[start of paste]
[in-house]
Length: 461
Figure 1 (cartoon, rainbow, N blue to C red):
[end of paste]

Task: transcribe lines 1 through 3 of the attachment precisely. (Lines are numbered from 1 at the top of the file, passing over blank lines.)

[in-house]
Length: 461
Figure 1 (cartoon, rainbow, N blue to C red):